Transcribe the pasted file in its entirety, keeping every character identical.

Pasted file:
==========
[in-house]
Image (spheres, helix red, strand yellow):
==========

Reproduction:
[in-house]
Image (spheres, helix red, strand yellow):